The game was suspended after Brazilian health authorities interrupted play "as part of an effort to deport four Argentine players accused of violating coronavirus quarantine regulations."


Soccer Players Under Threat Escape to Italy

Facing threats back home, Afghan female soccer players and team staff relocate to Italy.


Ukraine's Paralympians' Home is Their Biggest Hurdle

Ukraine continues to perform well at the Paralympic Games, a major feat given reports of how difficult it is for disabled individuals to navigate life in Ukraine, in terms of infrastructure, funding and public opinion.



Ruling Loosens Apple's Grip on App Store

As part of a lawsuit involving game developer Epic Games, Apple has been ordered to allow app developers to include links to other payment methods, ending Apple's ability to force companies to use the App Store to complete transactions (of which Apple gets a cut).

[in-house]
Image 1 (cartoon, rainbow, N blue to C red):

Texas Forbids Political 'Censorship' by Social Media Companies

The law prohibits social media platforms from banning users or removing posts because of the political views expressed in them.


A Smartphone for Conservatives

A Bitcoin millionaire is marketing a low-end ($500) phone to Republicans, promising a "freedom phone" that will liberate Americans from big tech. It is part of growing right-wing tech industry that includes free-speech video streaming sites and conservative social networks.


Facebook Testing Smart Glasses

Facebook "has teamed up with Ray-Ban to create glasses that can take photos, record video, answer phone calls and play podcasts."


Brazil's President Blocks Social Networks from Removing Posts